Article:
IDEAS home Printed from
MyIDEAS: Log in (now much improved!) to save this paper

Public Opinion behind the Deterrence: An Evolutionary Game Theoretic Study of the Israeli Policy towards Lebanon

Listed author(s):
  • Hamanaka, Shingo

Israel’s policies regarding Lebanon have been dependent on public opinion, which is very volatile. The citizens of Israel did not favor the occupation of the security zone in South Lebanon because of the Four Mothers movement, and it influenced the government to withdraw military forces unilaterally in May 2000. When Hizbollah attacked the Israel Defense Force (IDF) patrol and abducted two soldiers on the northern border, the Israeli citizens supported the government’s decision of waging a war in retaliation. This study aims to shed light on the causal mechanism of the influence of public opinion on the defense policy in the rational framework of deterrence strategy. I chose the evolutionary game theory approach as my research method. My study yielded the following result: the deterrence is not stable when the aggression level of the defenders is less than the level of the critical condition. The Israeli government made a decision to conduct unilateral withdrawal under the pressure of passive defenders among the people. However, the IDF could begin the operation in Lebanon because of a substantial number of supporters who hoped to restore the deterrence. This study concludes that the Israelis exhibited strong intension and an aggressive attitude toward the deterrence.

If you experience problems downloading a file, check if you have the proper application to view it first. In case of further problems read the IDEAS help page. Note that these files are not on the IDEAS site. Please be patient as the files may be large.

File URL:
File Function: original version
Download Restriction: no

Paper provided by University Library of Munich, Germany in its series MPRA Paper with number 16800.

in new window

Date of creation: 13 Aug 2009
Handle: RePEc:pra:mprapa:16800
Contact details of provider: Postal:
Ludwigstraße 33, D-80539 Munich, Germany

Phone: +49-(0)89-2180-2459
Fax: +49-(0)89-2180-992459
Web page:

More information through EDIRC

References listed on IDEAS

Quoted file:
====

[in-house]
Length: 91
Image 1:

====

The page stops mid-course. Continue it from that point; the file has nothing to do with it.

Please report citation or reference errors to , or , if you are the registered author of the cited work, log in to your RePEc Author Service profile, click on "citations" and make appropriate adjustments.:

in new window

  1. Ranan D. Kuperman, 2003. "The Effect of Domestic and Foreign Pressure on Israeli Decisions To Use Limited Military Force," Journal of Peace Research, Peace Research Institute Oslo, vol. 40(6), pages 677-694, November.
  2. repec:cup:apsrev:v:88:y:1994:i:03:p:577-592_09 is not listed on IDEAS
Full references (including those not matched with items on IDEAS)

This item is not listed on Wikipedia, on a reading list or among the top items on IDEAS.

When requesting a correction, please mention this item's handle: RePEc:pra:mprapa:16800. See general information about how to correct material in RePEc.

For technical questions regarding this item, or to correct its authors, title, abstract, bibliographic or download information, contact: (Joachim Winter)

If you have authored this item and are not yet registered with RePEc, we encourage you to do it here. This allows to link your profile to this item. It also allows you to accept potential citations to this item that we are uncertain about.

If references are entirely missing, you can add them using this form.

If the full references list an item that is present in RePEc, but the system did not link to it, you can help with this form.

If you know of missing items citing this one, you can help us creating those links by adding the relevant references in the same way as above, for each refering item. If you are a registered author of this item, you may also want to check the "citations" tab in your profile, as there may be some citations waiting for confirmation.

Please note that corrections may take a couple of weeks to filter through the various RePEc services.

This information is provided to you by IDEAS at the Research Division of the Federal Reserve Bank of St. Louis using RePEc data.